array's

In the old school Basic, you could define a numebr of variables; arrays. The command was DIM A (100). This command defined 100 variables (A1, A2,A3....A100). Is this possible with the Arduino?

Arduino code is written in C++. Google "C++ array" and you will find plenty of info and tutorials on the very subject.

Is this possible with the Arduino?

Of course:

int A[100];

Hi PaulS, I will try that:) Thanks!

This command defined 100 variables (A1, A2,A3....A100).

No, it didn't.

AWOL; yes it did. PaulS; doesn't work..

It must've been a peculiar dialect of BASIC then. A1 is a completely different variable to A(1)

@PaulS; mistyped it, it seems to wrk. Will try it, thanks!

Study this simple example and try to figure out what it does before you run it.

void setup() {
  int i;
  int a[100];
  Serial.begin(9600);
  
  for (i = 0; i < 100; i++) 
     a[i] = i * i;
     
  for (i = 1; i < 100; i++) {
    Serial.print(" ");
    if (i % 10 == 0) {
      Serial.println(a[i]);
    } else {
      Serial.print(a[i]);
    }
  }
}

void loop() {

}

It may help you understand the difference between Basic- and C-style arrays.

Thanks all. Now the int [170] works. Now it is a challenge to get the lowest value from those analoge readings. Tryed min but doesn't work.

You can be assured "min" works as specified.

AWOL: You can be assured "min" works as specified.

(My emphasis).... and therein, as always, lies the rub.

@ AWOl; ofcourse. That is why it doesn’t help me.

Well, change "min" so it does help you - you've got the source.

The minimum value of any two elements of the array will eliminate one element from contention. Do that often enough, and only one value will remain, and it will be the smallest one.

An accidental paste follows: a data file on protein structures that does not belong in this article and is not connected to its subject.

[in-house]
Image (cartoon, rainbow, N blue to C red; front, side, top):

AWOL
I don’t see the point of your post. It doesn’t help. Maybe it makes you feel better but it is a waste of bytes.
PaulS
Yes, I know. The thing is, the minimum value x[a], needs to point to a postion of a servo where that value was read.

My post was intended to provoke you into explaining your belief that "min" doesn't work ( or how, in BASIC, "DIM A(100)" somehow creates a variable called A1), and maybe post some code so that you could get some help. Looks like I failed. Ho-hum.

The thing is, the minimum value x[a], needs to point to a postion of a servo where that value was read.

Are you saving the servo angles corresponding to the x[a] values ?

If only we could see your program .....

Yes, I know. The thing is, the minimum value x[a], needs to point to a postion of a servo where that value was read.

Are you looking for the minimum value in the array, or the location where the minimum value appears, or both?

Regardless, assume that the minimum value is at position 0. Compare that minimum value to the other positions, using a for loop. If the value at position n is less than the current minimum, replace the current minimum with the new lower value and, if important, replace the index to the minimum position with the index to the current position. When the for loop ends, you'll know the minimum value and the position where that value occurred.

The servo is going from 1 tot 171 degrees. While doing that, it is measuring light intensity. So is this case for eg. x[1] is reading a value of 721, x[2] 786, x[3] 210 etc So the minimum is not nessesarily at the beginning. It can be everywhere. x[1]......... x[171] with the values are stored. We know that the value of x[1] is measured while servo had postion 1. So if i can get the minimum, by camparison, I gen get the position.